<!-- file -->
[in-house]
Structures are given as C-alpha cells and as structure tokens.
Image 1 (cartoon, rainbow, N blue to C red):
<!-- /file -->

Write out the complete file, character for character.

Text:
[in-house]
Structures are given as C-alpha cells and as structure tokens.
Image 1 (cartoon, rainbow, N blue to C red):